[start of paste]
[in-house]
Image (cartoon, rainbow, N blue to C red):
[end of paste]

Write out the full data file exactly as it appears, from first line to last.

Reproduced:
[in-house]
Image (cartoon, rainbow, N blue to C red):